I'm a Treasurer, Get Me Out of Here
So a big night in Canberra - yes, there is such a thing - with the government revealing its long-awaited and heavily-leaked budget.
Broadcast in the east coast evening, the annual budget is the closest thing Australia has to the State of the Union address, although the treasurer takes centre stage rather than the Prime Minister.
Wayne Swan is a nervy and hesitant figure, and not a natural prime-time performer. So for television viewers, whose normal programming was interrupted for the night, this was less "Australia's Got Talent" and more a case of "Australia's got a whopping deficit." Or perhaps "I'm a Deeply Indebted Treasurer, Get Me Out of Here".
The budget has gone from a $A22 billion surplus to a $A57 billion dollar deficit, the biggest year-on-year turn-around in the nation's history - though ludicrously the treasurer did not use the word "deficit" throughout his 3,700-word speech.
This is a famously plain-speaking and straight-talking land. Surely people are grown-up enough to cope with the word "deficit".
As elephants in the room go, this one could hardly be much bigger after all.
Much of the post-budget commentary has focused on Mr Swan's projections that Australia will be back in the black by 2015-16, and the optimistic growth forecasts that assessment is based on. Though he predicts the Aussie economy will shrink by 0.5% over the next financial year, he reckons it will rebound to 2.25% growth the year after.
The dean of the Australian political press pack, Paul Kelly of The Australian, notes: "This budget is a portrait of an optimist in the middle of a nightmare. The world faces its worst economic contraction since the Great Depresssion, but Wayne Swan is a convinced optimist who has produced a budget for optimists" The paper labels it a "Wing and a Prayer" budget.
Peter Hartcher, The Sydney Morning Herald's political editor, suspects the country can look forward to "indefinite indebtedness", while Piers Ackerman of The Daily Telegraph suggests the Rudd government has "drifted into fiscal fantasy".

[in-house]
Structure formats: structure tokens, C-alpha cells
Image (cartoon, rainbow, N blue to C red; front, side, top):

Here are some of the other headlines:
• unemployment is expected to rise to 8.25% next year, and 8.5% the year after. Currently it stands at 5.4%.
• skilled migration takes another hit, with a reduction of a further 25,400.
• the retirement age will be lifted progressively, reaching 67 by 2023.
• there will be an extra A$ 1.3 billion over the next six years to combat people smuggling.
• Sydney is the big loser in terms of infrastructure spending, which picks up on previous blogs. There's a suspicion that the Labor government in Canberra simply does not trust the Labor state government in New South Wales to deliver major infrastructure improvements.
You can get the full details at all the major news websites. ABC, for instance, has now launched an Australia in Recession special site.
Overall, the budget was nowhere near as tough as the government had warned. As George Megalogenis wrote in The Australian: "No voter, other than someone on more than $A150,000 a year, can look at last night's savings measures and say: 'Wayne Swan is coming after me'."
PS: The story which threatened to overshadow the budget was the revelations contained in the ABC Four Corners programme broadcast on Monday night (you can watch it on the web ) which has embroiled the game of rugby league in more scandal. I'll blog on that later in the week....